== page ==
The study was conducted by M. David Rudd, Ph.D., of the National Center for Veterans Studies at the University of Memphis, and colleagues. The subjects were active-duty Army soldiers at Fort Carson, Colo., who had either attempted suicide or experienced suicidal ideation; they were randomly assigned to treatment as usual (N=76) or treatment as usual plus brief CBT (N=76).
Assessment of incidence of suicide attempts during the two-year follow-up period was conducted with the Suicide Attempt Self-Injury Interview. Statistical analysis was used to determine treatment efficacy with regard to incidence and time to suicide attempt, and differences in psychiatric symptoms were evaluated over time.
Thirty-one suicide attempts were made by 26 participants across both groups during the two-year follow-up, including two deaths by suicide (one in the brief CBT group and one in the treatment-as-usual group). Eight participants in brief CBT and 18 participants in treatment as usual made at least one suicide attempt during the two-year follow-up , which suggests that soldiers in brief CBT were approximately 60 percent less likely to make a suicide attempt during the follow-up period than soldiers in treatment as usual. There were no between-group differences in severity of psychiatric symptoms.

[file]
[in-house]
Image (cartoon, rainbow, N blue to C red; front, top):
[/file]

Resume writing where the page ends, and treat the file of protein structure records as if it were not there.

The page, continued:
“It is noteworthy that the observed reduction in suicide attempts occurred despite minimal differences in symptom severity between groups over time, a finding that mirrors previous outcomes from dialectical-behavior therapy and cognitive therapy,” the researchers stated. “Given that the primary goal of brief CBT is emotion regulation and problem-solving-skills development as opposed to symptom reduction, this finding is not surprising and supports the assertion that suicidal thoughts and behaviors should be targeted as a unique treatment goal separate from psychiatric diagnosis and symptom severity.”
For more on this subject, see the Psychiatric News article “Army Learning Complex Factors Associated With Soldier Suicides.”